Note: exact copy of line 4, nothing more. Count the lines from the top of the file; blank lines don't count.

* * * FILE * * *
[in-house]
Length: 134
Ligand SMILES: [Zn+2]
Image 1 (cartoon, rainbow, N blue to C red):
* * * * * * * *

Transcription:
Image 1 (cartoon, rainbow, N blue to C red):